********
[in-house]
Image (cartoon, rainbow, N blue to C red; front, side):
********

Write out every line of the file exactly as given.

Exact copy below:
[in-house]
Image (cartoon, rainbow, N blue to C red; front, side):